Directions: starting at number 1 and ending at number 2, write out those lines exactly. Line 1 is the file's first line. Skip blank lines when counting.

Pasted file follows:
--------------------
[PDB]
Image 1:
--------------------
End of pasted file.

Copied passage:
[PDB]
Image 1: